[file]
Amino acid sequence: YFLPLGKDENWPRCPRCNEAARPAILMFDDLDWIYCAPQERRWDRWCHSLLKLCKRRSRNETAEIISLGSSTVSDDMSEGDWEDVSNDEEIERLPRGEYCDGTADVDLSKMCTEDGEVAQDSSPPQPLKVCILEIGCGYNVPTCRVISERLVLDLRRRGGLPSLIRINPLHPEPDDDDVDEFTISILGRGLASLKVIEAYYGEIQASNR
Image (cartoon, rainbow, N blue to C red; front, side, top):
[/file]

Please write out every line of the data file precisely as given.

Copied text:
Amino acid sequence: YFLPLGKDENWPRCPRCNEAARPAILMFDDLDWIYCAPQERRWDRWCHSLLKLCKRRSRNETAEIISLGSSTVSDDMSEGDWEDVSNDEEIERLPRGEYCDGTADVDLSKMCTEDGEVAQDSSPPQPLKVCILEIGCGYNVPTCRVISERLVLDLRRRGGLPSLIRINPLHPEPDDDDVDEFTISILGRGLASLKVIEAYYGEIQASNR
Image (cartoon, rainbow, N blue to C red; front, side, top):